Thursday, 19 June 2008

Relaxed view

There's been a bit of tension at our yard over the last few days. Person A and person B have not been getting on. Person A has made some sort of decision about the character of person B. The problem with deciding something like that about a person is that it fixes a view of them in our mind, and then there will be an unconscious tendency to encourage every interaction with that person to support our view. Anything that person says will tend to be allowed to add to our view of them, when even exactly the same words said by someone else would produce a completely different emotional response.

I try to live with a sense of every time I interact with someone being like the first time I have ever met them - setting aside any expectations, assumptions or prejudices on my side. I try to be open and fluid with whatever is passing between us. I also try to live the teaching I have received from my husband: always leave a person feeling happy that they met you. Over the years I believe I have got better at this and am more able to let go of the feeling that I have a right to vomit my self-referential, neurotic perceptions onto those around me.

Dee is a great reminder of treating each meeting as a new experience, because she is so different from day to day. I'm taking her down the lane on her own several times a week at the moment, to try and build up her confidence. On Tuesday it was quite windy, which means that the environment is more energetic, and everything is a little more scary than usual. Consequently I could not get Dee to go all the way down the lane, whereas earlier in the week we'd got right the way down and through both gates before we got to the 'point of no advance'. I no longer push her, as I know this will not work. It used to result in rearing, but we have overcome that. Now it results in backing without any regard for what danger we may be reversing into. So I just give her time and talk to her and try to make sure my body is relaxed and my breathing slow and deep. We sat there together for quite a while - Dee like a tight coil, ears pricked and snorting, and me trying to relax. Eventually she took two steps forward. I sensed they were going to be the only two, so I quickly praised her and turned her to walk back home. A tiny success, but hopefully we can build upon it.

I used to subscribe to a mailing on horse training tips. Their suggestion for napping was to make your horse work in the arena whenever they have refused to go out on the trail. So after our walks down the lane, when we have hit that point where she will not move forward, I always take her into the arena and make her work a little. I never take her into the arena after a hack out with another horse. Perhaps she'll make the connection one day. She definitely enjoys hacks, but just can't find the confidence to risk it alone. Hopefully one day I shall be able to give her enough confidence in just being with me that we can make it out on our own.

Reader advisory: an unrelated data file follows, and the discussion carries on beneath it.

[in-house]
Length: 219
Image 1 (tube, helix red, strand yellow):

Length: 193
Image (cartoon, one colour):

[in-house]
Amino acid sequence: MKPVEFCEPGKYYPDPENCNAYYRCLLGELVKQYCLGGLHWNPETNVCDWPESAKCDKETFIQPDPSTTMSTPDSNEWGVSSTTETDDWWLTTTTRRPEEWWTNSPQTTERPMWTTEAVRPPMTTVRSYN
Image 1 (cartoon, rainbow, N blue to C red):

4 comments:

Transylvanian horseman said...

Yes, we too see Person A not liking Person B, or Person A being jealous of Person B so they criticise their horse. It's all so pointless.

I was wondering: how does Dee lead down the lane? Is she any different if you are taking a walk with her rather than riding her?

Nor'dzin said...

I haven't tried leading Dee in the few weeks we've been back at this livery yard. However we did use to try this before and experienced the same problems. She would rear, refuse to move or start backing. I haven't had any rearing from her for quite a long time now, thank heavens. Thanks for your interest.

LJB said...

I enjoy your perspective on life, and myself find that the better I am being in the moment with people, it helps me be in the moment with horses, and vice versa.

I am currently working to defuse my reaction to a person that is triggered when she tells stories about this horse or that -- similar to what you describe about people setting their minds about people! And now because of her rigid thinking about horses, I find myself having rigid thoughts about her. Quite funny actually, and as easy to remedy as being aware and allowing something different.

Understanding horses -- so much for us to learn. If you haven't come across Leslie Desmond and Bill Dorrance's True Horsemanship Through Feel, see if you can have a look through that, maybe you'd want to own it. I think of Leslie because part of what you describe is your horse not understanding how to come off pressure, how to arrange her body so she can be in control of relieving the pressure herself by moving forward or backwards or sideways, whatever it is you are asking of her.

I like to get this clear with a horse before I ride, so I know the horse knows what I mean by what I do. That is a good starting point, in addition to the emotional bonding that is not only important, but a source of delight!

I found your blog though Victoria's blog.

Nor'dzin said...

Thank you LJB - I'll have a look at those links. I've been checking into your blog for a while and enjoying it.